With regard to the NT mentions, Scot’s invocation of Narnia stories is good, but not a perfect analogy since those stories are not Scripture. I prefer the example of a preacher saying “We should love our neighbor like the Good Samaritan did.” The force of the allusion to a familiar story is not diminished by the figurative nature of the story.

    And, of course, one can have similar arguments (though there are differences) about Paul’s uses of the OT “Adam” story.

  • My worldview and my theology allow for miracles. So when I read in the Word (which I take to be divinely inspired, something miraculous in itself) that God “prepared a great fish to swallow Jonah” and after three days “The LORD spoke to the fish, and it vomited Jonah onto dry land,” I have no more trouble believing that then when I read, “And the LORD God prepared a plant made it come up over Jonah” (4:6), or, “God prepared a worm, and it so damaged the plant that it withered” (4:7), or, “God prepare a vehement east wind” (4:8). Or that God raised Jesus from the dead.

    The point of the book of Jonah, of course, is not about the great fish, or the plant, or the worm, or the east wind — these were merely things God used to bring Jonah to a particular point in his understanding — the point is more about God’ great mercy, even toward a sinful, pagan nation like Nineveh.

    I take it all as something that actually happened. I think that is how the writer intended it and I think that is how Jesus took it. Miraculous? Sure. And Jesus was using the the example Jonah’s three days in the belly of the fish to speak of His own coming and miraculous resurrection.

    If one wishes to say that the book of Jonah, with its miraculous elements, was intended as allegory, I think the burden of proof is one them. Likewise, I think the burden of proof is on whoever might wish to say the Gospel accounts of healings and other miracles, including the resurrection, were intended as nothing more than allegory.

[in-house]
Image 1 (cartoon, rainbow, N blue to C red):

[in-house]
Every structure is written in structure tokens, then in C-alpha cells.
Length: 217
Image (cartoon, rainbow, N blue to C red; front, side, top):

• I don’t think the problem is that we question because we doubt the supernatural.

    The problem, rather, is that we need to assume a whole bunch of the text of Jonah if it is literal. Aren’t we reading into the text a whole if we assume it is historical?

    Another issue is the verse right before, Mt 12:40. Should we take this really literally too? He wasn’t in the ground for three nights.

  • DLS

    Can I get a list of which biblical supernatural events are okay to believe and which aren’t?

  • Danny Zacharias #35, what do you suppose we have to read into the text if we assume it is historical?

  • AHH #33, I don’t think the presence of hyperbole, or other figures of speech, in a text indicates that the text is therefore not about an historical event. If a man comes in soaked and exclaims, “Man! It’s raining cats and dogs out there,” I don’t think the presence of that metaphor means he must therefore not be actually talking about how hard the rain is coming down.

  • Chris

    Jonah has always seemed to me to be classic black comedy. Jonah, the larger than life prophet of God, is the only one in the story who actually resists God. As a result, he finds himself continuously placed in darkly humorous situations. The story even ends on a dark note as black comedy tends to do. While there is little doubt that Jonah himself is real, I think the story itself may or may not be, and it really doesn’t matter either way.

  • “Moruti” Lutz

    “Poor, poor modern man with his impoverished imagination, asking all the wrong questions from the sacred text.”

    Brian, if you think this is what I wanted to say: it is not. We live in a world that is so different from the world(s) of the bible: not just that we use cars and planes instead of donkey. We also use (very) different epistemologies.
    But: “different” is neither “wrong”, nor “better” or “worse” – just different. And since we cannot turn the clock back, we have to live first of all in our own world. But at least to some degree we can try to understand, why stories were told and texts were compiled and witten “back then”… But we should do so with discernment, aware of the anacronistic setup…

  • Cliff

    If it doesn’t matter if Jonah is historical or not (because the real point is the message of the book), then why doesn’t that apply to the resurrection as well? Isn’t this a classic liberal theological formulation, that it really doesn’t matter if Jesus physically rose from the dead–what matters is the faith Jesus inspired in his followers? I think Paul addresses this in 1 Corinthians 15: “If Christ has not been raised, our preaching is useless and so is your faith.” (v.14)

    I actually think there are some textual reasons to support taking Jonah as a parable, but also some good textual reasons to read it as (miraculous) history. What concerns me is embarrassment and condescension that occurs with our modern (and post-modern, and emergent, etc.) minds towards “non-respectable,” (anything that isn’t just a speeding up of a natural process, like healing) dramatic miracles. When we say “we could argue that Jesus may well have — like other 1st Century Jews — thought there really was a Jonah who got stuck in the belly of a whale,” we can acknowledge that science really has come a long way in understanding the natural world. But we could also be saying these kinds of miracles just don’t happen…ever.